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The idea was that RockMigrations could save at least module config settings to yaml files. I'm still not a fan of putting migrations in general into yaml files, because the execution order of migrations can matter and that's not possible to do in yaml while it is possible to do in PHP. But for module configuration I guess YAML would be an easy thing. So one could for example could install tracydebugger, do all the necessary config and hit save. Then all developers working on the project could have the same debugger settings. That might be a good thing (for module settings that need to be consistent across all environments), but it might be something you don't want. Again that's a problem that is not easy to solve and that's the reason why I think it makes the most sense to write migrations by hand.

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Quote

This was probably discussed ...

I remember it was. Lostkobrakai posted about this with solutions. I dont have any links at the moment but will post them later on.

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How Craft warns you of changes to the YAML files that you haven't applied yet (pulled from the repo):

image.png.5706f16aead3990a37c68189bdbf73b2.png

(I'm so used to the simplification of PW's tree that just seeing a "Routes" button in settings gives me the chills 😄)

 

And this is the apply changes screen:

image.thumb.png.a89c9282ff36a019104aef416cc926c8.png

 

First chance I get I'm going to have a serious look at RockMigrations. Every new project I get is increasingly demanding on maintenance, with multiple devs, and this is a really big deal. This and SPAs, but thats a different discussion.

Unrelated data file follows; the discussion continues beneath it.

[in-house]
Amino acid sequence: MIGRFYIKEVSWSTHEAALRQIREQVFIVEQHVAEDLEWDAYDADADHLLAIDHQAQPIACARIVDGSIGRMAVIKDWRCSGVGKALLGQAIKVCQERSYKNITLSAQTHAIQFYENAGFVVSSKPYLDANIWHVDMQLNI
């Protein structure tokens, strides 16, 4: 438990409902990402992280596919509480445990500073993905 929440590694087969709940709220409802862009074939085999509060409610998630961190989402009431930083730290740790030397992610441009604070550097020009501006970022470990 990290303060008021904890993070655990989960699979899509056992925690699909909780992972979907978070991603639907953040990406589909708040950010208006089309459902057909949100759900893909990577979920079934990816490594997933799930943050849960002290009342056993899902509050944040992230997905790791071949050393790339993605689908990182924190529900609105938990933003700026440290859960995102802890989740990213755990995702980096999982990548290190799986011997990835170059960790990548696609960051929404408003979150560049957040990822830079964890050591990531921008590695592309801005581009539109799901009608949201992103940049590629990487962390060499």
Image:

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  • 3 weeks later...
On 7/26/2022 at 11:51 AM, bernhard said:

Thx @heldercervantes that's interesting to see! What does the migrations menu item do or look like?

Sorry, been away and lost your message.

On this particular project I don't see anything there, just a message saying "No content migrations". But it doesn't seem to be related to any of this.

I found some documentation here:
https://craftcms.com/docs/4.x/extend/migrations.html

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  • 2 weeks later...

@bernhard coming back to this as I just stumbled upon a scenario that was discussed here.

In the Craft project I'm working on someone added changes that I needed to add to my setup. Got the message, tried applying and it stopped saying that these changes require the "Navigation" plugin. I added it (just a 'composer install' command line), came back, ran it again and done. The whole process feels very polished.

I also had conflicts in the yaml files yesterday, two devs adding new fields. The way to fix it was to include both lines, and right at the beginning there's a timestamp that Craft uses to verify if it's up to date. Used the highest one and added 1 at the end to make sure everyone got an update check.

It's really interesting to see how these yaml files are set. There's a main one that describes the project, with plugins, system stuff, some names and keys, and then there are individual files for each field, sections (templates), globals and other stuff that doesn't exist on PW.

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In PW using RockMigrations the developer would just have to add this to a migrations file:

$rm->installModule('Navigation');

Then the other dev could do a git pull and on the next reload everything would just work.

1 hour ago, heldercervantes said:

It's really interesting to see how these yaml files are set. There's a main one that describes the project, with plugins, system stuff, some names and keys, and then there are individual files for each field, sections (templates), globals and other stuff that doesn't exist on PW.

I'm using a similar approach for my projects. I'm having a main module for the project, eg Site.module.php that is available for all kinds of project related stuff as $site API variable. There I put the global migrations, eg this:

$rm->installModule('Navigation');
$rm->installModule('RockMatrix');

Then RockMatrix for example does also have migration files that create fields and templates that are only necessary for RockMatrix.

Works absolutely great.